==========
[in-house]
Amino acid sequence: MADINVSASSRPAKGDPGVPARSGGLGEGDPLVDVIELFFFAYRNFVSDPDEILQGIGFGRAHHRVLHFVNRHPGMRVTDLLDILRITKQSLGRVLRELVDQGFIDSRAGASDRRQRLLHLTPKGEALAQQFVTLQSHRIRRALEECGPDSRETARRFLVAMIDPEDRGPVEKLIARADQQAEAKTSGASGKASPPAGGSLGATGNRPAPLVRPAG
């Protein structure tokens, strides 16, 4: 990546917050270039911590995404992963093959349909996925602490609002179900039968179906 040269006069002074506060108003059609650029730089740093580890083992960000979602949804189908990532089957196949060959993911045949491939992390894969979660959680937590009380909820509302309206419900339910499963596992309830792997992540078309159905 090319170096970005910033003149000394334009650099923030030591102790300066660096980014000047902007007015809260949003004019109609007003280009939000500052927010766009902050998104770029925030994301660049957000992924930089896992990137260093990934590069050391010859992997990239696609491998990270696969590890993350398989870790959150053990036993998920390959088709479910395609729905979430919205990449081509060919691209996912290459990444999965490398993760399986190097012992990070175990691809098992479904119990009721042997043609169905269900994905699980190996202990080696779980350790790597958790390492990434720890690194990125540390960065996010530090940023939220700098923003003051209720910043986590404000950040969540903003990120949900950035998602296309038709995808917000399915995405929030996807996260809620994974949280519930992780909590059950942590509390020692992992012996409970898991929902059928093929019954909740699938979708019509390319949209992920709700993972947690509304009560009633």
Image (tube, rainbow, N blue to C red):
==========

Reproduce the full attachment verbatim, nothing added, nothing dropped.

[in-house]
Amino acid sequence: MADINVSASSRPAKGDPGVPARSGGLGEGDPLVDVIELFFFAYRNFVSDPDEILQGIGFGRAHHRVLHFVNRHPGMRVTDLLDILRITKQSLGRVLRELVDQGFIDSRAGASDRRQRLLHLTPKGEALAQQFVTLQSHRIRRALEECGPDSRETARRFLVAMIDPEDRGPVEKLIARADQQAEAKTSGASGKASPPAGGSLGATGNRPAPLVRPAG
């Protein structure tokens, strides 16, 4: 990546917050270039911590995404992963093959349909996925602490609002179900039968179906 040269006069002074506060108003059609650029730089740093580890083992960000979602949804189908990532089957196949060959993911045949491939992390894969979660959680937590009380909820509302309206419900339910499963596992309830792997992540078309159905 090319170096970005910033003149000394334009650099923030030591102790300066660096980014000047902007007015809260949003004019109609007003280009939000500052927010766009902050998104770029925030994301660049957000992924930089896992990137260093990934590069050391010859992997990239696609491998990270696969590890993350398989870790959150053990036993998920390959088709479910395609729905979430919205990449081509060919691209996912290459990444999965490398993760399986190097012992990070175990691809098992479904119990009721042997043609169905269900994905699980190996202990080696779980350790790597958790390492990434720890690194990125540390960065996010530090940023939220700098923003003051209720910043986590404000950040969540903003990120949900950035998602296309038709995808917000399915995405929030996807996260809620994974949280519930992780909590059950942590509390020692992992012996409970898991929902059928093929019954909740699938979708019509390319949209992920709700993972947690509304009560009633």
Image (tube, rainbow, N blue to C red):